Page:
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Marc Marquez, Andrea Dovizioso and Maverick Viñales formed the podium with just 0.270 seconds separating them.

Viñales, celebrating a return to the land of the living, picked Rossi’s pocket on Lap 19, was able to keep Dovi and Marquez honest, but never showed a wheel to either, grateful for a third step podium. One Rossi would, I suppose, reluctantly admit to coveting.

The Big Picture

Playing with house money, Marquez will face the first of four match points in Japan in two weeks: Beat Dovizioso, and the championship is over. His win today extended his lead over the Italian to 77 points, with four rounds left. Most observers had their hearts in their throats on the last lap when, in fact, there was little at stake. Now, should he not feel like making the whole Pacific trip, Marquez can return to action in Valencia leading Dovizioso by at least two points, making for an interesting season finale and avoiding the whole fustercluck that is three Pacific races in three weeks.

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Marc Marquez needs only to score 23 or more points over the remaining four rounds to secure the 2018 MotoGP title.

Of which one, perhaps two will be run after the championship has been decided. At that moment, the Dorna promotion machine will begin yammering about 2019, Lorenzo on Honda, Zarco on KTM, etc., etc. The same way there is now tons of Christmas décor in the stores in the first week of October – staying ahead of the game.

PS – By definition, Buriram’s official track record was set in 2018. 8 for 12.

Here and There

Scott Redding is thrilled to be riding in British Super Bikes next year. Just let that one sit and ferment for a moment. Maybe just beating the living crap out of someone, anyone, will make him feel good again. Like going from table stakes poker to nickel-dime-quarter. Thrilling.

Rossi spoke last week of Thailand as “another important opportunity to improve our bike.” General Pickett, I believe, spoke of Gettysburg as “another important opportunity to improve our attack.” I’d say both were correct, but only one worked out.

Michelin brought a fourth rear tire to Thailand. Crutchlow probably didn’t like any of them.

Lorenzo tried to ride this week. Years ago, he rode a week after breaking his collarbone (and broke it again), so I expected him to ride and do poorly. His pride got the best of him on Friday. The Pacific Swing is on the horizon. Friday was a bad idea. It’s not like he’s chasing a championship.

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Already ailing from Aragon, Jorge Lorenzo attempted to race this weekend but crashed in FP2 and suffered a hairline fracture on his left arm.

Tranches… Get Your Tranches Right Here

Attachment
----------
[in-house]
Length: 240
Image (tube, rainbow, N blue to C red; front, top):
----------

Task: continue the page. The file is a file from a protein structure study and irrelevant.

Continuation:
After Aragon

Tranche 1: Marquez, Dovizioso
Tranche 2: Rossi, Lorenzo, Petrucci, Crutchlow, Rins, Iannone
Tranche 3: Pedrosa, Zarco, Viñales, A. Espargaro, (Rabat), Miller
Tranche 4: Bautista, Morbidelli, P. Espargaro, Smith, Nakagami
Tranche 5: Redding, Abraham, Luthi, Syahrin and Simeon

After Buriram

Tranche 1: Marquez, Dovizioso
Tranche 2: Rossi, Lorenzo, Petrucci, Crutchlow, Rins, Pedrosa
Tranche 3: Zarco, Viñales, A. Espargaro, Miller, Iannone, Bautista
Tranche 4: Morbidelli, P. Espargaro, Smith, Nakagami, (Rabat)
Tranche 5: Redding, Abraham, Luthi, Syahrin and Simeon

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No changes to the top and bottom tranches, but there were some shuffling in the middle.

Here it Comes

Here comes the dreaded flyaway rounds, three races in three weeks. Making things worse is the stranglehold in which Marc Marquez holds the championship. Bad enough to have to keep up with all these logistics when there’s something in the balance. But when it’s just filling out the schedule, and there aren’t any playoffs… Whatever. We’ll be back in two weeks with a glance at Twin Ring Motegi.

2018 MotoGP Thailand Results
Pos. Rider Team Time
1 Marc Marquez Repsol Honda 39:55.722
2 Andrea Dovizioso Ducati Corse +0.115
3 Maverick Viñales Movistar Yamaha +0.270
4 Valentino Rossi Movistar Yamaha +1.564
5 Johann Zarco Monster Yamaha Tech 3 +2.747
6 Álex Rins Suzuki Ecstar +3.023
7 Cal Crutchlow LCR Honda Castrol +6.520
8 Alvaro Bautista Angel Nieto Ducati +6.691
9 Danilo Petrucci Alma Pramac Ducati +9.944
10 Jack Miller Alma Pramac Ducati +11.077
11 Andrea Iannone Suzuki Ecstar +15.488
12 Hafizh Syahrin Monster Yamaha Tech3 +17.691
13 Aleix Espargaro Aprilia Gresini +21.413
14 Franco Morbidelli Estrella Galicia 0,0 Marc VDS Honda +22.802
15 Bradley Smith Red Bull KTM +23.628
16 Scott Redding Aprilia Gresini +23.804
17 Karel Abraham Angel Nieto Ducati +32.507
18 Xavier Simeon Reale Avintia Ducati +37.216
19 Jordi Torres Reale Avintia Ducati +39.204
20 Thomas Luthi Estrella Galicia 0,0 Marc VDS Honda +39.421
21 Pol Espargaro Red Bull KTM +53.388
22 Takaaki Nakagami LCR Honda Idemitsu +2 Laps
Not Classified
DNF Dani Pedrosa Repsol Honda 8 Laps
2018 MotoGP Top 10 Standings After Buriram
Pos. Rider Motorcycle Points
1 Marc Marquez Repsol Honda 271
2 Andrea Dovizioso Ducati Corse 194
3 Valentino Rossi Movistar Yamaha 172
4 Maverick Viñales Movistar Yamaha 146
5 Jorge Lorenzo Ducati Corse 130
6 Cal Crutchlow LCR Honda Castrol 128
7 Danilo Petrucci Alma Pramac Ducati 126
8 Johann Zarco Monster Yamaha Tech 3 123
9 Andrea Iannone Suzuki Ecstar 113
10 Álex Rins Suzuki Ecstar 102